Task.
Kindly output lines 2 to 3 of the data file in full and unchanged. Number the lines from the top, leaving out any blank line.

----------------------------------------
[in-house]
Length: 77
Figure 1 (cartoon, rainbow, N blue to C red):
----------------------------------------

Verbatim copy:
Length: 77
Figure 1 (cartoon, rainbow, N blue to C red):